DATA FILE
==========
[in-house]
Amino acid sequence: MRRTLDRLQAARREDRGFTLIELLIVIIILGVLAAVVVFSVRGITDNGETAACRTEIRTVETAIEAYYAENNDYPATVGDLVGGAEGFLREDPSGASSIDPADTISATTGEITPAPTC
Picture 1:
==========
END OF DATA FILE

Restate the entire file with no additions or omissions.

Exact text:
[in-house]
Amino acid sequence: MRRTLDRLQAARREDRGFTLIELLIVIIILGVLAAVVVFSVRGITDNGETAACRTEIRTVETAIEAYYAENNDYPATVGDLVGGAEGFLREDPSGASSIDPADTISATTGEITPAPTC
Picture 1: